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The web is actually really slow

The average web page is 1.5mb.

About a quarter of that weight is JavaScript, which is the most expensive type of bytes for browsers to download, parse, and render. For contrast, CSS is just 3% of the total page weight, and way more performant to parse and render.

And now the kicker: a majority of the web’s growth is coming from developing areas, where mobile connections are the primary way to access the web and service is spotty or unreliable.

Last week at GDG DevFest in the Ukraine, Sam Dutton shared this crazy data point (via Martin Splitt):

60% of mobile connections worldwide at 2G

Think about how maddening trying to load some of your favorite websites is on 3g, or even LTE.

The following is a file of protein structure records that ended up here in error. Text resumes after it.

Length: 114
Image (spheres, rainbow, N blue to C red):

Now imagine visiting them on 2g. That’s the web for a billion or so people.

Slow. Buggy. Unreliable. Barely usable. Not usable.

Over the weekend I accidentally visited a site with my ad blocker off. The page started to freeze after 75 JS assets loaded, I noticed, and quit the page. There was more coming.

I’ve said this before: we have the technology in 2018 to make the fastest web experiences you can possible imagine, and instead we build slow, bloated messes in the name of “developer convenience.”

We can do better.